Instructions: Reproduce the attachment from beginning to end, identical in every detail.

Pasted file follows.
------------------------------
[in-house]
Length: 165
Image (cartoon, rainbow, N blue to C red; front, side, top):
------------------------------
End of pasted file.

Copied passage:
[in-house]
Length: 165
Image (cartoon, rainbow, N blue to C red; front, side, top):